Imagine, then, that all acts of self-sacrifice – all acts of crucifixion, in their various forms – were simply deleted from the world and from our memory. Would our idea of Love be lessened? I think it would be. That idea of love which does not involve voluntary suffering seems to me a pale shadow of the deeper, pulsing fabric of reality we sometimes connect with when we actually experience Love. To think that Love cannot take on even pain and suffering and endure them if it would so choose would seem itself to be a defeat of Love. Is it not strong enough to endure pain – indeed even death – for the sake of what it loves? To deny this would be to equate love with simply “joy” or “bliss.” No doubt such things are lovely, and express a particular dimension of Love itself. But they are not exhaustive of the reality of Love as such.

But notice the curious thing that happens here if we really agree that self-sacrifice is a lovely thing. Since God is Love itself, and since his being and his goodness cannot be actualized by creation, it must therefore be the case that something like self-sacrifice exists in God’s very nature. Scripture says that the lamb was slain “from the foundation of the world.” Could it not be the case – indeed is it not quite ignorant to deny – that in God himself, along with our human experiences of Joy and Bliss, there exists an analogue to our human experience of voluntary self-death or Kenosis for the sake of the other?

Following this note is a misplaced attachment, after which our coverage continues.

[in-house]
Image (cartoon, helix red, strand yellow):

I take it, then, that apart from creation God in himself knows – because he thus is – such a process, such an experience. In the same way as he knows the begetting of the Son, and the giving to him of all things, so he experiences in some way a denial of his own self for the Son, for the Other. The father in begetting the Son thus by the same act voluntarily dies to himself: he is no longer the only existing person. And the Son, having been begotten by the Father, straightway lays down his own life, surrendering all that is his, and thus in his own way perfectly imitates the Father.

We must remember that the various words we use to describe acts of God – begetting, creating, loving, dying, self-sacrificing – are all abstractions from our interaction with the material world. Thus the realities that the words expressed are always in our experience coupled with change. But in God there is no change. The words we use are only an imperfect grasp or conception of what is in itself impossible to be grasped by us in its totality.